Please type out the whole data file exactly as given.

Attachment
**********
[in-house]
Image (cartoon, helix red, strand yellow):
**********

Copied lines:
[in-house]
Image (cartoon, helix red, strand yellow):